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THE MALE BIOLOGICAL CLOCK:

     Home  >  Articles  > Family Health/Fitness/Safety
by Wendy Marquez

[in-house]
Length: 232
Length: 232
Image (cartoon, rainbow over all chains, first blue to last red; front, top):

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The Biological Clock. Many young women today attempt to stifle the sound of its ticking while they launch careers or travel the globe. But once a woman reaches 35, its pulsating volume cannot be ignored. Decades of statistics have shown this is the age where risks dramatically rise for bearing a child with genetic defects. Women — with their finite egg supply — are carrying, in essence, a ‘time bomb’. Men, meanwhile, rarely even think of a time frame. They produce sperm throughout their lives and can father healthy children at any age — even into their 70s — with nary a concern. At least up until now, that is. A study conducted by a team of researchers at Columbia Presbyterian Medical Center reveals men may have a Biological Clock after all.